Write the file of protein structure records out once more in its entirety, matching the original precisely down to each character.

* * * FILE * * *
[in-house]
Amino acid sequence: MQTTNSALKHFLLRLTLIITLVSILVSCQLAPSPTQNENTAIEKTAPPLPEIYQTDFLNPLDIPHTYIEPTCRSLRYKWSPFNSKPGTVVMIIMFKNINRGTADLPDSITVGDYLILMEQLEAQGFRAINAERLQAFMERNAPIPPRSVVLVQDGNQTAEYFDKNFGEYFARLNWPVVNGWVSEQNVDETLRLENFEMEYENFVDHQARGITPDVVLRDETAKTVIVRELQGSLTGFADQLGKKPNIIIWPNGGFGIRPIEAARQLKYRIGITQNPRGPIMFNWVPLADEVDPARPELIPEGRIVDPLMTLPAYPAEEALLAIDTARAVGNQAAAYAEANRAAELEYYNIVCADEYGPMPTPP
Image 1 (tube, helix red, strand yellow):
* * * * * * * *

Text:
[in-house]
Amino acid sequence: MQTTNSALKHFLLRLTLIITLVSILVSCQLAPSPTQNENTAIEKTAPPLPEIYQTDFLNPLDIPHTYIEPTCRSLRYKWSPFNSKPGTVVMIIMFKNINRGTADLPDSITVGDYLILMEQLEAQGFRAINAERLQAFMERNAPIPPRSVVLVQDGNQTAEYFDKNFGEYFARLNWPVVNGWVSEQNVDETLRLENFEMEYENFVDHQARGITPDVVLRDETAKTVIVRELQGSLTGFADQLGKKPNIIIWPNGGFGIRPIEAARQLKYRIGITQNPRGPIMFNWVPLADEVDPARPELIPEGRIVDPLMTLPAYPAEEALLAIDTARAVGNQAAAYAEANRAAELEYYNIVCADEYGPMPTPP
Image 1 (tube, helix red, strand yellow):